In the decision (designated by AAO as precedential on April 9, 2015), the appellate body made clear that the definition of “doing business” contained no requirement that a petitioning organization for a multinational manager or executive must provide goods and/or services to an unaffiliated third-party, and that such an organization could establish that it is “doing business” by demonstrating that it is providing goods and/or services in a regular, systematic, and continuous manner to related companies within its multinational organization. The AAO compared the regulatory histories of the L-1 discussion on doing business which recognized the provision of services as qualifying even if they were to a company outside the United States and that of the EB-1C final rule promulgating the current “doing business” definition in the green card context, said that the two were similar, and so declined to read a third party or non-affiliation requirement into the regulations. It finally pointed out that the fact that a petitioning organization serves as an agent, representative, or liaison between a related foreign entity and its United States customers does not preclude a finding that it is doing business as defined in the regulations, and that the petitioner here had established that it was doing business based on its regular, systematic, and continuous provision of services in the United States.

The nationwide acceptance of the ruling now means that overseas companies may be able to establish and obtain L-1 visas and EB-1C green cards for their executives and managers even though their affiliated U. S. companies do not conduct traditional business with U. S. companies involving sales and receipts, but instead direct all of their efforts to providing a regular stream of goods and/or services for the overseas companies and/or their affiliates while in this country.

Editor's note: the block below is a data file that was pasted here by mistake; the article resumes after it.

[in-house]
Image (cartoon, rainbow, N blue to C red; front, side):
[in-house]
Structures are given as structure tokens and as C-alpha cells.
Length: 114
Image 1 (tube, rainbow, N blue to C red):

Reprinted with permission.

About The Author

Alan Lee, Esq. Alan Lee is a 30+ year practitioner of immigration law based in New York City holding an AV preeminent rating in the Martindale-Hubbell Law Director, registered in the Bar Register of Preeminent Lawyers, on the New York Super Lawyers list (2011-12, 2013-14, 2014-2015), and recognized as a New York Area Top Rated Lawyer. He was awarded the Sidney A. Levine prize for best legal writing at the Cleveland-Marshall College of Law in 1977 and has written extensively on immigration over the past years for Interpreter Releases, Immigration Daily, and the ethnic newspapers, World Journal, Sing Tao, Pakistan Calling, Muhasba and OCS. He has testified as an expert on immigration in civil court proceedings and was recognized by the Taiwan government in 1985 for his work protecting human rights. His article, "The Bush Temporary Worker Proposal and Comparative Pending Legislation: an Analysis" was Interpreter Releases' cover display article at the American Immigration Lawyers Association annual conference in 2004, and his victory in the Second Circuit Court of Appeals in a case of first impression nationwide, Firstland International v. INS, successfully challenged INS' policy of over 40 years of revoking approved immigrant visa petitions under a nebulous standard of proof. Its value as precedent, however, was short-lived as it was specifically targeted by the Bush Administration in the Intelligence Reform Act of 2004.